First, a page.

.Under the Influence

Driving with a fresh loaf of Afghan naan can be perilous.

Behind the counter at Maiwand Market, the man smoothed out a brown paper bag he’d sliced open and stacked on it five three-foot-long flatbreads that had just emerged from the pizza ovens. The woman in front of me held out her arms as if to receive a small child, and he loaded the stack onto them. The pack of customers behind her parted, and she made her way through the crowd to the cash register, her cargo steaming.

I didn’t see how she could make it that far without diving teeth-first into the loaves. After visiting two bakeries in a half-hour period, I was getting high off the fumes of freshly baked bread.

Afghan restaurants, halal butchers, and markets cluster along Fremont Boulevard near Thornton Boulevard, Little Kabul’s Main Street. It’s the best place to find Afghan flatbread, or naan-i-Afghani. Like Indian naan, the bread is traditionally cooked by slapping it onto the wall of a tandoor, or vertical clay oven. However, in Afghanistan the dimpled and slashed loaves are as long as a five-year-old and a foot in width.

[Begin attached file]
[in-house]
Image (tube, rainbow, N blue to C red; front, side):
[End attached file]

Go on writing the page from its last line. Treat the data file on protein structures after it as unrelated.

Like its Indian counterpart, though, Afghan naan is best when it’s fresh. Which is why Maiwand’s three pizza ovens — the American equivalent of the tandoor — are fired up all day, with a crew of five hustling about to roll dough, slash it along its length to eliminate air bubbles, and send it into the ovens on pizza peels.

Fremont’s Afghan community purchases bread from Maiwand or Pamir Food Mart down the block. Maiwand’s loaves are made with a mix of whole-wheat and white-wheat flours, which leaves the insides spongy but gives the flavor of the bread an appealing nuttiness. At Pamir, a pair of mustachioed bakers sprinkle their all-wheat or all-white naan with sesame and black cumin seeds, and send them out, wrapped in plastic, through a small window in the back of the dim market.

Naan is part of daily life in Afghanistan. In a culture where you eat with your hands, the bread serves as fork, spoon, and sponge for stews and curries. In fact, in both Dari and Pashto, the country’s two major languages, the word for “bread” is the same as the word for “meal.”

Afghan naan goes stale rather quickly, so if you make a trip to Fremont for a couple of loaves — $1.50 apiece, by the way — you can keep it fresh by slicing it up and freezing it the moment you get home; a few minutes in a warm oven and the bread regains its crisp edges and soft center. Or, if you’re like me, drive home with the warm loaf spread across your lap, tearing off chunk after chunk, and trying not to swerve too drunkenly.


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